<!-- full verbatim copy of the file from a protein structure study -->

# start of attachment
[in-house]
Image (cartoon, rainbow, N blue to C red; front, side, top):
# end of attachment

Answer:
[in-house]
Image (cartoon, rainbow, N blue to C red; front, side, top):